The rooms containing the computers should not have windows to the outside. Those windows pose the risk of remote eavesdropping and the introduction of extra heat from casting sunlight inside the rooms. Those rooms should also be located in the interior of the data center. If they must have a wall at the edge of the data center, a physical barrier should be placed outside the wall preventing any direct access the room’s wall.

      8. Access Points:

        Automatic authentication technique should be placed at all entry points of the facility. Any equipment or items accompanying any individual entering the facility should be logged by security guards when entering and accounted for on exit detailing the time and person’s identity. Access to the authentication badges database should be available at the security kiosk, where the pictures of badge’s holder must be accessible. Badges must have a picture of the holder.

Server Rooms

      1. Access:

        Signs designating the room as restricted access and prohibiting food, drink, and smoking in the servers’ room should be present. Its doors should be equipped with an automatic authentication method. Besides, the doors should be fireproof. Only two doors should be at each server room. Due to the lack of windows, one door is considered a poor design in most fire codes. Access to computer rooms should only be granted to those maintaining the servers or room’s infrastructure. During holidays, access should be restricted to emergencies.

      2. Infrastructure:

        Server rooms should be monitored by CCTV cameras. Redundant access to power, cooling, and connectivity should be present at each computer room. The server rooms should have a raised floor of around 46 centimeters in order to provide air flow and cable management. Besides, those rooms should be equipped with air filtration. Server room’s ceiling should be high to allow for heat dissipation.

      3. Environment:

        The temperature at each server room should be maintained between 12 and 24 degrees Celsius. The humidity should be kept between 20% and 80%. Both the temperature and humidity should be monitored using sensors installed in the rooms and their readings needs to be logged and reported to the Network Operating Center.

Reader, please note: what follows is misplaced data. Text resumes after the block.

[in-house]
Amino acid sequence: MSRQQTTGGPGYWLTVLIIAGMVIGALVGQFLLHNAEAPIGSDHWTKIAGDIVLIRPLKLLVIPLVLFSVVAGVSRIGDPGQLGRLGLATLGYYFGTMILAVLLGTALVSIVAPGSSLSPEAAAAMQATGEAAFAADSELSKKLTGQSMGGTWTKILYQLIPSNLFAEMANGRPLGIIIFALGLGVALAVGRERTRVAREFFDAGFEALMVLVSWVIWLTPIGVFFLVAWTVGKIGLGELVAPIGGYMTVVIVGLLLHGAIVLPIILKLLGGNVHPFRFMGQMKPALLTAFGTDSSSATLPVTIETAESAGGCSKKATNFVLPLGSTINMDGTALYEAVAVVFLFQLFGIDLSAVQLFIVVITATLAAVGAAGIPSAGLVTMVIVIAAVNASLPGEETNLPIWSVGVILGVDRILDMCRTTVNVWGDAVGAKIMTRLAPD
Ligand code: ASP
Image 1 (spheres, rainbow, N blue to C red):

4. Fire Prevention:

        A total flooding agent solution should be in place in each server room. Suitable fire extinguishers must be placed in each server room. Preferable Pipe sprinkler systems must not be used in server rooms.


      1. Cooling Systems:

        There must be redundant cooling system in place. Outdoor Parts of the Cooling Systems must be secluded from the car park of the Data Center.

      2. Power:

        The server room must have at least battery based power source onsite with that can provide enough time of operation to switch over to fossil fuel power generation. In case there is no fossil fuel backup, the battery should last for at least 24 hours. The fuel should be enough for 24 hours and it should be stored onsite, while there should be a contract to obtain up to a week worth already in place.

      3. Trash:

        While dumpsters should be monitored by CCTV cameras, all paper documents containing any sensitive information should be at least shredded onsite or destroyed beyond retrieval before discarding them.

      4. Network Operating Center (NOC):

        The NOC must have fire, power, weather, temperature, and humidity monitoring systems in place. There must be redundant methods of communication between the NOC and the outside world. It must be manned 24/7. It is recommended that NOC staff need to monitor news outlets for events effecting the security of the data center.

Disaster Recovery

Disaster Recovery Plan